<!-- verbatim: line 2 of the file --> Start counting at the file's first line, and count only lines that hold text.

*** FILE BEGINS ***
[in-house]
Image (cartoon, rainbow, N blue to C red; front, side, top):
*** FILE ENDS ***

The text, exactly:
Image (cartoon, rainbow, N blue to C red; front, side, top):